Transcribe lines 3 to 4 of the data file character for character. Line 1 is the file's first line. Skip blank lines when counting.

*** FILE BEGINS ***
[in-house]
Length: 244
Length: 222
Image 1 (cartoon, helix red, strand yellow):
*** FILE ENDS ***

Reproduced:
Length: 222
Image 1 (cartoon, helix red, strand yellow):